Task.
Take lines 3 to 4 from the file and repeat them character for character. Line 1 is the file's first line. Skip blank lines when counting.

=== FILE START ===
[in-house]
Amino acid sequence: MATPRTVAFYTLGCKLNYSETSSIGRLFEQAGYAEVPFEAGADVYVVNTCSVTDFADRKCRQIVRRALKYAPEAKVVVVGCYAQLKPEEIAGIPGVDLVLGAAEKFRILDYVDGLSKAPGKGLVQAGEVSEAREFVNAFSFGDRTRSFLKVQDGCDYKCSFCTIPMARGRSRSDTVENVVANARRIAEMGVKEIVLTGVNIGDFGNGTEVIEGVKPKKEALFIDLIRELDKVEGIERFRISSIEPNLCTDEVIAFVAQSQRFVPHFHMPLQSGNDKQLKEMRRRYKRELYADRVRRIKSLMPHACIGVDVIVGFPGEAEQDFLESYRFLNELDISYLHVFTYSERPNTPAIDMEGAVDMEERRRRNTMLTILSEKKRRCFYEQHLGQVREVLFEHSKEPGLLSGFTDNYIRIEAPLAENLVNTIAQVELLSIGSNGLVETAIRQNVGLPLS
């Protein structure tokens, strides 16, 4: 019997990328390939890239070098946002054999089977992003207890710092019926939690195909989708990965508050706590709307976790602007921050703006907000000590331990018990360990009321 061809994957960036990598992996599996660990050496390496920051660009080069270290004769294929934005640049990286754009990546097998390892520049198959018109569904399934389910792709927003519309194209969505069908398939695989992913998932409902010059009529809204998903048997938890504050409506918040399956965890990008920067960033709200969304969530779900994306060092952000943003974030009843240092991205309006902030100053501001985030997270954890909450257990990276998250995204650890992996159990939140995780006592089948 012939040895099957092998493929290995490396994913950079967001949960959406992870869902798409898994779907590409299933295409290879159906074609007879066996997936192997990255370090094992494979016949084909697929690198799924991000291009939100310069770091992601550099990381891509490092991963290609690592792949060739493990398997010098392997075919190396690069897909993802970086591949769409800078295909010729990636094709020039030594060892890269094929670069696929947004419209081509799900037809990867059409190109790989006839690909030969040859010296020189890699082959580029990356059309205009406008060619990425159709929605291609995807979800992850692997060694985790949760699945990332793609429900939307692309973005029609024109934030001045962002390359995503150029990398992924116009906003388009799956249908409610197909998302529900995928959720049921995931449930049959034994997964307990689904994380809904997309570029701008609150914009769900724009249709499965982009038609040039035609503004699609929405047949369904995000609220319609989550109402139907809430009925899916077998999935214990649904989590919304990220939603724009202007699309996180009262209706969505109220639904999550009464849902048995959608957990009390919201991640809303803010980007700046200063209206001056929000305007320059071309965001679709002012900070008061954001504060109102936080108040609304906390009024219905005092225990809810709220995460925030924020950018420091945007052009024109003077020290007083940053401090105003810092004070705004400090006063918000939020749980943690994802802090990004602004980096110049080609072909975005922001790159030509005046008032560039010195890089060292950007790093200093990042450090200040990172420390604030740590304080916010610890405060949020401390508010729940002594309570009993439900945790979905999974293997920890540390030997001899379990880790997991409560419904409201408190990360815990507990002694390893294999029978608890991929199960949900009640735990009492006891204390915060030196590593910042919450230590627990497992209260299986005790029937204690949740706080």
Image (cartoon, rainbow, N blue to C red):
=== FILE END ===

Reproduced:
């Protein structure tokens, strides 16, 4: 019997990328390939890239070098946002054999089977992003207890710092019926939690195909989708990965508050706590709307976790602007921050703006907000000590331990018990360990009321 061809994957960036990598992996599996660990050496390496920051660009080069270290004769294929934005640049990286754009990546097998390892520049198959018109569904399934389910792709927003519309194209969505069908398939695989992913998932409902010059009529809204998903048997938890504050409506918040399956965890990008920067960033709200969304969530779900994306060092952000943003974030009843240092991205309006902030100053501001985030997270954890909450257990990276998250995204650890992996159990939140995780006592089948 012939040895099957092998493929290995490396994913950079967001949960959406992870869902798409898994779907590409299933295409290879159906074609007879066996997936192997990255370090094992494979016949084909697929690198799924991000291009939100310069770091992601550099990381891509490092991963290609690592792949060739493990398997010098392997075919190396690069897909993802970086591949769409800078295909010729990636094709020039030594060892890269094929670069696929947004419209081509799900037809990867059409190109790989006839690909030969040859010296020189890699082959580029990356059309205009406008060619990425159709929605291609995807979800992850692997060694985790949760699945990332793609429900939307692309973005029609024109934030001045962002390359995503150029990398992924116009906003388009799956249908409610197909998302529900995928959720049921995931449930049959034994997964307990689904994380809904997309570029701008609150914009769900724009249709499965982009038609040039035609503004699609929405047949369904995000609220319609989550109402139907809430009925899916077998999935214990649904989590919304990220939603724009202007699309996180009262209706969505109220639904999550009464849902048995959608957990009390919201991640809303803010980007700046200063209206001056929000305007320059071309965001679709002012900070008061954001504060109102936080108040609304906390009024219905005092225990809810709220995460925030924020950018420091945007052009024109003077020290007083940053401090105003810092004070705004400090006063918000939020749980943690994802802090990004602004980096110049080609072909975005922001790159030509005046008032560039010195890089060292950007790093200093990042450090200040990172420390604030740590304080916010610890405060949020401390508010729940002594309570009993439900945790979905999974293997920890540390030997001899379990880790997991409560419904409201408190990360815990507990002694390893294999029978608890991929199960949900009640735990009492006891204390915060030196590593910042919450230590627990497992209260299986005790029937204690949740706080």
Image (cartoon, rainbow, N blue to C red):